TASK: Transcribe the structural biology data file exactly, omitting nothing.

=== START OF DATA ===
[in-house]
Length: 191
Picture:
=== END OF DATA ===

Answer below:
[in-house]
Length: 191
Picture: